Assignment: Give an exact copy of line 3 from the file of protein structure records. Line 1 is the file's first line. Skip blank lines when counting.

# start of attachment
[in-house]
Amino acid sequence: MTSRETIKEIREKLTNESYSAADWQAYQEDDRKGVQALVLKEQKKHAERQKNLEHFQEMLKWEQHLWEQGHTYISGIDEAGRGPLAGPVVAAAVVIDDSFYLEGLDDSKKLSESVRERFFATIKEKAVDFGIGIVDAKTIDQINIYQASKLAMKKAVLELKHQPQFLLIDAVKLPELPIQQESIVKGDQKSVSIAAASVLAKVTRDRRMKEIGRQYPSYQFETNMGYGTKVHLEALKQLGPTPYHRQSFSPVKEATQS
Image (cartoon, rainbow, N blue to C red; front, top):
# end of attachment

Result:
Image (cartoon, rainbow, N blue to C red; front, top):